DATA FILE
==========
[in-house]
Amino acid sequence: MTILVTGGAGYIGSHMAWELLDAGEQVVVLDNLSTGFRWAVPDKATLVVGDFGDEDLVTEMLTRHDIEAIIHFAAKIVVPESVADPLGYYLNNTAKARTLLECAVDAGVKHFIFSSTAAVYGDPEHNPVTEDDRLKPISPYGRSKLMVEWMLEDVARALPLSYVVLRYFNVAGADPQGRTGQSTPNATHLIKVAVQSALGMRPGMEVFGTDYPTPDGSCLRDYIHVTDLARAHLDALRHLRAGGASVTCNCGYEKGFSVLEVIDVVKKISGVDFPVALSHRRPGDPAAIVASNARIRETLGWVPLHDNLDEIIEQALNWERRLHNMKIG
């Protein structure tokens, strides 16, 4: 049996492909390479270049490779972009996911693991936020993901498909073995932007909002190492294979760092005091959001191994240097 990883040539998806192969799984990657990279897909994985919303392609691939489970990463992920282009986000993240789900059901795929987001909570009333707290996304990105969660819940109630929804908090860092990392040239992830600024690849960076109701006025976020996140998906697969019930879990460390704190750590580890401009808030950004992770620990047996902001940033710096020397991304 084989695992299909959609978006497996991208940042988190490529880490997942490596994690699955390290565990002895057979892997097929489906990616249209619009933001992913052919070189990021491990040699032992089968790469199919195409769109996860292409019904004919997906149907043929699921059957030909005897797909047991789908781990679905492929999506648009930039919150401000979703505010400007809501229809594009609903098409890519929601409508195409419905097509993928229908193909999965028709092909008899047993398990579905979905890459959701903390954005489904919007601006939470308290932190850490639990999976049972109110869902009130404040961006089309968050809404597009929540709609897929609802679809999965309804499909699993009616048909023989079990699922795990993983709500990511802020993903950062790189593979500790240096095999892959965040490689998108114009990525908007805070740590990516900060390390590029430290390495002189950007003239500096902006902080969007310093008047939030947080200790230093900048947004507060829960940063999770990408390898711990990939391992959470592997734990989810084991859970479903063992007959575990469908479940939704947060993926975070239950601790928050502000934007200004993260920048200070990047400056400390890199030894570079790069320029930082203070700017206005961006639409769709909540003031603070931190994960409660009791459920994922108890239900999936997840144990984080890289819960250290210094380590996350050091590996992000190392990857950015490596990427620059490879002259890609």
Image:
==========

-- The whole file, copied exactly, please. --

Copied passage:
[in-house]
Amino acid sequence: MTILVTGGAGYIGSHMAWELLDAGEQVVVLDNLSTGFRWAVPDKATLVVGDFGDEDLVTEMLTRHDIEAIIHFAAKIVVPESVADPLGYYLNNTAKARTLLECAVDAGVKHFIFSSTAAVYGDPEHNPVTEDDRLKPISPYGRSKLMVEWMLEDVARALPLSYVVLRYFNVAGADPQGRTGQSTPNATHLIKVAVQSALGMRPGMEVFGTDYPTPDGSCLRDYIHVTDLARAHLDALRHLRAGGASVTCNCGYEKGFSVLEVIDVVKKISGVDFPVALSHRRPGDPAAIVASNARIRETLGWVPLHDNLDEIIEQALNWERRLHNMKIG
């Protein structure tokens, strides 16, 4: 049996492909390479270049490779972009996911693991936020993901498909073995932007909002190492294979760092005091959001191994240097 990883040539998806192969799984990657990279897909994985919303392609691939489970990463992920282009986000993240789900059901795929987001909570009333707290996304990105969660819940109630929804908090860092990392040239992830600024690849960076109701006025976020996140998906697969019930879990460390704190750590580890401009808030950004992770620990047996902001940033710096020397991304 084989695992299909959609978006497996991208940042988190490529880490997942490596994690699955390290565990002895057979892997097929489906990616249209619009933001992913052919070189990021491990040699032992089968790469199919195409769109996860292409019904004919997906149907043929699921059957030909005897797909047991789908781990679905492929999506648009930039919150401000979703505010400007809501229809594009609903098409890519929601409508195409419905097509993928229908193909999965028709092909008899047993398990579905979905890459959701903390954005489904919007601006939470308290932190850490639990999976049972109110869902009130404040961006089309968050809404597009929540709609897929609802679809999965309804499909699993009616048909023989079990699922795990993983709500990511802020993903950062790189593979500790240096095999892959965040490689998108114009990525908007805070740590990516900060390390590029430290390495002189950007003239500096902006902080969007310093008047939030947080200790230093900048947004507060829960940063999770990408390898711990990939391992959470592997734990989810084991859970479903063992007959575990469908479940939704947060993926975070239950601790928050502000934007200004993260920048200070990047400056400390890199030894570079790069320029930082203070700017206005961006639409769709909540003031603070931190994960409660009791459920994922108890239900999936997840144990984080890289819960250290210094380590996350050091590996992000190392990857950015490596990427620059490879002259890609």
Image: